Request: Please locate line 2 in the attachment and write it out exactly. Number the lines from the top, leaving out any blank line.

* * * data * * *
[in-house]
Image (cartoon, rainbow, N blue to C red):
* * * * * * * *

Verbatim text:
Image (cartoon, rainbow, N blue to C red):